Law

What are graduates doing after six months?

This is what graduates told us they were doing (and earning), shortly after completing their course. We've crunched the numbers to show you if these immediate prospects are high, medium or low, compared to those studying this subject/s at other universities.

£17,000
low
Average annual salary
96%
med
Employed or in further education
44%
low
Employed in a role where degree was essential or beneficial

Top job areas of graduates

Law graduates tend to go into the legal industry, and they usually take similar routes. Jobs are competitive — often very competitive - but starting salaries are good and high fliers can earn serious money - starting on over £24k in London on average. Be aware though - some careers, especially as barristers, can take a while to get into, and the industry is changing as the Internet, automation and economic change all have an effect, If you want to qualify to practise law, you need to take a professional qualification — many law graduates then go on to law school. If you want to go into work, then a lot of law graduates take trainee or paralegal roles and some do leave the law altogether, often for jobs in management, finance and the police force. A small proportion of law graduates also move into another field for further study. Management, accountancy and teaching are all popular for these career changers, so if you do take a law degree and decide it’s not for you, there are options.

What about your long term prospects?

Looking further ahead, below is a rough guide for what graduates went on to earn.

Criminology

The graph shows median earnings of graduates who achieved a degree in this subject area one, three and five years after graduating from here.

£16k

£16k

£21k

£21k

£20k

£20k

Note: this data only looks at employees (and not those who are self-employed or also studying) and covers a broad sample of graduates and the various paths they've taken, which might not always be a direct result of their degree.

Sorry, no information to show

This is usually because there were too few respondents in the data we receive to be able to provide results about the subject at this university.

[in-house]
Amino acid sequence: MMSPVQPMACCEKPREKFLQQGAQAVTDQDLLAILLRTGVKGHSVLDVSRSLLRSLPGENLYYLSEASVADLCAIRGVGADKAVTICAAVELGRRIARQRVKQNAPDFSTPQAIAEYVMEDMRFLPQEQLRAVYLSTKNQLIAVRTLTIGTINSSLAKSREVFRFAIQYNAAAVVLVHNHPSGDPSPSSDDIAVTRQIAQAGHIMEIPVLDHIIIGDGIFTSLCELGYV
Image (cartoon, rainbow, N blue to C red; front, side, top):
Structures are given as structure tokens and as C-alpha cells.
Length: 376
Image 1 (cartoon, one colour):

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This is what the university has told Ucas about the criteria they expect applicants to satisfy; some may be compulsory, others may be preferable.

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This is the percentage of applicants to this course who received an offer last year, through Ucas.

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This is what the university has told Ucas about the course. Use it to get a quick idea about what makes it unique compared to similar courses, elsewhere.

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Course location and department:

This is what the university has told Ucas about the course. Use it to get a quick idea about what makes it unique compared to similar courses, elsewhere.

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Teaching Excellence Framework (TEF):

We've received this information from the Department for Education, via Ucas. This is how the university as a whole has been rated for its quality of teaching: gold silver or bronze. Note, not all universities have taken part in the TEF.

Have a question about this info? Learn more here

This information comes from the National Student Survey, an annual student survey of final-year students. You can use this to see how satisfied students studying this subject area at this university, are (not the individual course).

We calculate a mean rating of all responses to indicate whether this is high, medium or low compared to the same subject area at other universities.

Have a question about this info? Learn more here

This information is from the Higher Education Statistics Agency (HESA).

You can use this to get an idea of who you might share a lecture with and how they progressed in this subject, here. It's also worth comparing typical A-level subjects and grades students achieved with the current course entry requirements; similarities or differences here could indicate how flexible (or not) a university might be.

Have a question about this info? Learn more here

Post-six month graduation stats:

This is from the Destinations of Leavers from Higher Education Survey, based on responses from graduates who studied the same subject area here.

It offers a snapshot of what grads went on to do six months later, what they were earning on average, and whether they felt their degree helped them obtain a 'graduate role'. We calculate a mean rating to indicate if this is high, medium or low compared to other universities.

Have a question about this info? Learn more here

Graduate field commentary:

The Higher Education Careers Services Unit have provided some further context for all graduates in this subject area, including details that numbers alone might not show

Have a question about this info? Learn more here

The Longitudinal Educational Outcomes dataset combines HRMC earnings data with student records from the Higher Education Statistics Agency.

While there are lots of factors at play when it comes to your future earnings, use this as a rough timeline of what graduates in this subject area were earning on average one, three and five years later. Can you see a steady increase in salary, or did grads need some experience under their belt before seeing a nice bump up in their pay packet?

Have a question about this info? Learn more here